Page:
Loans are still a part of students’ financial burdens
In 2017, Brown University set an institutional goal to “replace loans with scholarship funds in financial aid awards” by the 2018-19 academic year. This goal was named the “Brown Promise.”
The Ivy League university has succeeded in that goal, though some students at the school are pointing out that the program does not readily address the high cost of attending the university.
The Brown Promise was instituted for the benefit of “families with moderate incomes, who often do not qualify for the generous financial aid offered to low-income families by Brown and some other universities, yet also do not have the full resources to cover the cost of attending college,” according to the school’s website. The initiative was part of a “dedicated effort…to make a Brown education more accessible to students from all income backgrounds.”
Brown spokesman Brian Clark indicated that the policy was thus far a success, telling The College Fix via email that “for the current 2018-19 academic year, no Brown undergraduates who receive financial aid have loans packaged in their University awards.”
“For a sense of scale, in looking at the year prior to implementation, approximately 1,200 students had loans included in aid packages,” he added.
Students get loans from elsewhere
However, despite this reduction of packaged student loans for 1,200 applicants, paying the tab at a prestigious university remains out of reach for many would-be attendees. This is due in part to the distinction between packaged loans and regular loans, and the limits of financial aid availability itself.
The Brown Promise only eliminates packaged loans, those given to students from the college upon admittance as part of a financial aid offering. The promise does not affect the significantly larger amounts of outside loans that a student may need to take out to cover the remaining cost of college. The maximum amout amount given in the form of a package loan before the promise was $5,000, according to the university website.
Further, as Clark told The Fix, this promise only affects those “who receive financial aid” to begin with.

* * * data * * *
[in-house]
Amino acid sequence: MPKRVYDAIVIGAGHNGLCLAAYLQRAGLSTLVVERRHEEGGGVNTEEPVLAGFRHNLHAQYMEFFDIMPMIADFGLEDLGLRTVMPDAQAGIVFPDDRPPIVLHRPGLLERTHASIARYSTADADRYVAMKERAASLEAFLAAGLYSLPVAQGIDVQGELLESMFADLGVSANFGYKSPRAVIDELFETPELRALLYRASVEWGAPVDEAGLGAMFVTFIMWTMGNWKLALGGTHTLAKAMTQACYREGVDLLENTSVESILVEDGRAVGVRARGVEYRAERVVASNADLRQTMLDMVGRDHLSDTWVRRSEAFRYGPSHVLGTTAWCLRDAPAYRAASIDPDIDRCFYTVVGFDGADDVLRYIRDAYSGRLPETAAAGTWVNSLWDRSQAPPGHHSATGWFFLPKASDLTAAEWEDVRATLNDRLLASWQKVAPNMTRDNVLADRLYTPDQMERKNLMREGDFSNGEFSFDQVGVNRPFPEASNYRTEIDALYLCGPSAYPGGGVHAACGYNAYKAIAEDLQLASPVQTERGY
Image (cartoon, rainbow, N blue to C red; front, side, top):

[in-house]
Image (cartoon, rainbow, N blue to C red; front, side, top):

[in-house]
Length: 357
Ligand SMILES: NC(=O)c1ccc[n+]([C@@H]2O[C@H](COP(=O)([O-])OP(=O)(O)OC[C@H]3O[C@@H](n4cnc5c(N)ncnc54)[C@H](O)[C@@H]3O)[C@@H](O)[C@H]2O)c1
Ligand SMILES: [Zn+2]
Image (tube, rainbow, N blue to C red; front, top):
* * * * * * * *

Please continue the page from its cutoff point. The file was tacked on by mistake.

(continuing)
Though the promise helps to relieve several thousand dollars’ worth of loans for numerous applicants, some have argued that this plan does not address middle class students who do not qualify for the generous financial aid.
Julian Haag, president of the Brown College Republicans, said that his first impression was that the program was “a pretty good idea.” But he soon realized that the price tag for attending Brown is still prohibitively high for many students.
“For middle class students from middle class families, I understand why this could be a good program. However, there are still people who are stuck in between because financial aid itself isn’t going up,” he told The College Fix.
“If you’re not getting [loans] then maybe you’re not going to have as much debt at the end, but in the short term you’re still paying a lot of money,” he said.
Jordan Allums, a columnist for The Brown Daily Herald, wrote last semester that “eliminating loans from financial aid packages does not eliminate families’ need for them when they are not receiving sufficient aid in the first place.”
“If the amount of financial aid that families receive remains insufficient, they will still have to request loans from Brown or seek private loans elsewhere,” Allums wrote, adding: “Indeed, while replacing portions of tuition covered by loans with scholarships may decrease student debt after college, the Brown Promise makes little difference in the short-term affordability of an education.”
Haag echoed these sentiments. “The financial aid itself is not going up, so how great really is this program?” he said.
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